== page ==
There was only one way to come down and that was to head over to the club tent and catch State Of The Union, aka Boo Hewerdine and Brooks Williams. In the grand tradition of ‘The Special Relationship’, State Of The Union combines the talents of America and England, producing an end result that delighted the club tent crowd with hook-laden songs, fiery and emotional guitar playing and soulful vocals. By this time I had a few jars of Ringwood’s finest Boon Doggle ale and was amusing myself by keeping the girls at the bar on their toes and coming up with different names for it. The firm favourite was Moon Poodle!

Fully Protected & The Moon PoodleThe Moon Poodle was listening as the heavens opened and the poodle piddled down on us as KT Tunstall hit the stage. A great set followed, my favourite being Other Side of the World or dark side of the poodle moon by the Black horse and a cherry tree, no that one actually came later… but don’t blame it on the Sunshine, don’t blame it on the moonlight, blame it on the Boggle. I was past caring as I was now focused on keeping the umbrella in the right place for KT’s Mexican “brella” wave!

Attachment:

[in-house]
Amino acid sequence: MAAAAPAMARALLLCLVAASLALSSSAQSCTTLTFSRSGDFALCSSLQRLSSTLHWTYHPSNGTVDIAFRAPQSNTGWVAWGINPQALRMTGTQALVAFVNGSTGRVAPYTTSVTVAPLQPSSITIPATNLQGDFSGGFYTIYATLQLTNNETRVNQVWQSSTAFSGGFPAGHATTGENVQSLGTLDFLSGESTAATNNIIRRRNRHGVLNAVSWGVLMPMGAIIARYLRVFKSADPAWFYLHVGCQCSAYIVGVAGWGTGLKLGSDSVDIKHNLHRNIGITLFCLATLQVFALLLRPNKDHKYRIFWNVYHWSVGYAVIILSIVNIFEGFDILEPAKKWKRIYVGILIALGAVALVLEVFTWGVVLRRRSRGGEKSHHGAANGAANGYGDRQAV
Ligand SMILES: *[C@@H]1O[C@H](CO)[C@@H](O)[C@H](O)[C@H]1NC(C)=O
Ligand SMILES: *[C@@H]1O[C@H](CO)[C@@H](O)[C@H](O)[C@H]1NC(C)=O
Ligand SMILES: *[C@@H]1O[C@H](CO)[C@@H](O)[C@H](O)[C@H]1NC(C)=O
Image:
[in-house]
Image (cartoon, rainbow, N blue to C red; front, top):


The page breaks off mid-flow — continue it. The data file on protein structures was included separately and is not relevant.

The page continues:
I caught a bit of the Mavericks but it was definitely time to head back to Coldham’s before I did myself mischief…

The folkmaster

Thea Gilmore announces new single, ‘Love Came Looking For Me’

Thea Gilmore Regardless

Critically acclaimed songwriter Thea Gilmore has now released her new studio album Regardless, to celebrate its release folking is giving you a chance to take a listen to the single ‘Love Came Looking For Me’.

If the name’s familiar, it may be thanks to the many plaudits the press have directed Gilmore’s way, or the endorsement of fans including Bruce Springsteen and Joan Baez, or perhaps even her posthumous Sandy Denny collaborative track ‘London’, which dominated last year’s BBC London Olympics coverage, climbing into the upper reaches of the iTunes singles chart.

Gilmore is nothing if not prolific – Regardless is her 14th album in as many years – but this latest album grew out of an enforced hiatus.  In 2011 she gave birth to her second son, and had to take several months out from music– a potentially frustrating state of affairs for a musician with a fierce work ethic. The break, however, allowed her a distance to look at her own work with fresh eyes.

 ‘When you write as much as I do, it would be easy to get stuck in a rut and end up putting out the same album. This helped me relearn what I do.’ Thea continues ” I once had a conversation with a friend about a female artist who had had kids… he thought the album she released subsequently sounded as if she thought she was the only woman ever to go through the birth experience.  I never wanted Regardless to come across like that. For me, these are songs about being the custodian of somebody, but also about the process of letting go’.